I found a copy of that expert panel’s report previously on the CF website, but it seems to have been taken down. A link from a CTV story in October 2011 results in page not found. At a CF site I see that anyone wishing to view the report should contact one of the physicians. Has DND taken that report off public distribution? Curious. There is a copy available on scribd here.

A contrary opinion caught my eye in 2010 when I was investigating this question, and came across research done by an officer (social work if I recall) studying for his PhD (in religious studies I believe). He had, instead of just looking at reported stats, obtained the raw Military Police reports and examined them to determine if the death was likely suicide. His data reduction provided a suicide rate that was pretty comparable to the US experience between 2006 and 2007:

Starting in 2006, Sartori also noticed an abrupt change in the terms the military reports used to describe suicide in documents. The 36 suicides in 2007 were listed as sudden deaths, with 12 clearly marked suicide and 21 cases listed as “investigated.” National Defence officials did not dispute that the document is a suicide list, but did not respond to requests from CBC to explain the new categories.

The 2007 numbers put the military suicide rate at triple that of the general Canadian public. Over the past two decades Canada’s overall rate has ranged from 11.6 to 14 suicides per 100,000, though recent numbers are not available.

Dr. Greg Passey, a former military psychiatrist and head of a post-traumatic stress disorder clinic in Vancouver, says the spike in military suicides is “disturbing” but not surprising. He says he believes it’s related to what he calls the “increased tempo” of the Afghanistan mission, which began in 2002.

Particularly concerning is the change in definitions started in 2006 which, if true, might very well be obscuring what is really going on. On a related topic, consider this story from last year talking about the upswing in domestic violence on military bases:

Instead, it came from a freedom-of-information request that revealed a military police report that was shelved and later downplayed by Canada’s military bureaucracy.

According to the report, military police noted a five-fold jump in reported cases of domestic violence after troops returned from a heavy combat tour in Afghanistan to Ontario’s CFB Petawawa in 2007. […] Col. Jean-Robert Bernier, deputy surgeon general with the Canadian Forces, dismissed the report, noting “some methodological flaws in the way some of that military police data was collected and analyzed.”

[…] Is suicide interesting enough for our public debate? In 2008, the CBC cited research by Laval University doctoral student Maj. Michel Sartori, who obtained military police records that showed the suicide rate among Canada’s regular forces and reserves doubled from 2006 to 2007, rising to a rate triple that of the general population.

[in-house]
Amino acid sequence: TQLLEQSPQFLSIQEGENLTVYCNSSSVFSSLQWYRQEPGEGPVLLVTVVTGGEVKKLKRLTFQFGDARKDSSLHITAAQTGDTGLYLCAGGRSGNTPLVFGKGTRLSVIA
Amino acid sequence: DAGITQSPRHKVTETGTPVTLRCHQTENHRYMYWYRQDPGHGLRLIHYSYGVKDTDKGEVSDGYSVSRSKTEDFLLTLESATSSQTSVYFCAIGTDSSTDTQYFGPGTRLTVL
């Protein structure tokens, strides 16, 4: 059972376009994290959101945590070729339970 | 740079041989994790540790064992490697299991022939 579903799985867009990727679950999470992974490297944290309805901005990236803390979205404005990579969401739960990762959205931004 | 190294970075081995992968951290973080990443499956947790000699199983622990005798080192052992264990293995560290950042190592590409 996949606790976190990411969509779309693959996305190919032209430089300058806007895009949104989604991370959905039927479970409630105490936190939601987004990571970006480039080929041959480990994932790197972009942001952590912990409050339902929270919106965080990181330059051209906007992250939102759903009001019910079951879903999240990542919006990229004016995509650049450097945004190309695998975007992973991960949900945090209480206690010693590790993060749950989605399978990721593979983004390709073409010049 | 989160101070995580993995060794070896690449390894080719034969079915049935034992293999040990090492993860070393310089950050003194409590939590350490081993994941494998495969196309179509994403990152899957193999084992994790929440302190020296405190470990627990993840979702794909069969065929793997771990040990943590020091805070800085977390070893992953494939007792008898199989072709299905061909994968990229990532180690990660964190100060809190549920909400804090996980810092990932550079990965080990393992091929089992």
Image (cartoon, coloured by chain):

Last year, the National Post reported that, according to the military’s own figures, 2009 showed the highest number of suicides among Canadian Forces personnel since tracking began in 1995.

When I start to see hints about definition changes, and a Canadian report that concludes ‘smooth sailing’ when our US and other allies are having huge problems, I start to wonder. With objective contrary evidence for 2006-2007, and indications the number is climbing, really gets me curious. A recent CBC report suggests increases as well.

I see that Michel Sartori has published his doctoral work on the subject…although it is au Francais, so I’ll have to read it slowly. LE DRAME DU SUICIDE DANS LES FORCES ARMÉES CANADIENNES. QUAND LA VIE PERD TOUT SON SENS, UNE PAROLE PEUT-ELLE ENCORE ÉMERGER DU CHAOS (roughly, The Tragedy of Suicide in the CAF. When life has lost all sense, a comforting word may emerge from the chaos)

I suspect part of that goes back to part of the military ethos which is never to complain or to admit weakness. I suspect there is still some thought that “real” soldiers don’t end up with operational stress injuries (OSI) in spite of lots of evidence to the contrary (right back to WW I). I suspect that culture of denial won’t change as long as the mental health professionals that treat those conditions are downsized.

When I’ve worked through that thesis I’ll see if my mind is changed.


Written by sameo416

May 14, 2012 at 2:17 pm

Posted in Uncategorized

2 Responses

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  1. […] I’ve written before about the suicide rate in the Canadian Forces. The last formal report from the CF health care side stated there wasn’t a problem because the rate of suicide among soldiers was below that of the general population. These interesting articles from the US suggest that the problem of suicide among combat soldiers is growing, and a concern even though the rate is below that of the general population. […]